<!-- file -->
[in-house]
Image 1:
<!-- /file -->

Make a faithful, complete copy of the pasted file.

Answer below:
[in-house]
Image 1: